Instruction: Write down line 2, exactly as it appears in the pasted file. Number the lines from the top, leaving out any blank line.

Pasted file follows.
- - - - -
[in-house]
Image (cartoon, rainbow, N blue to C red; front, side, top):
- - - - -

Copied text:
Image (cartoon, rainbow, N blue to C red; front, side, top):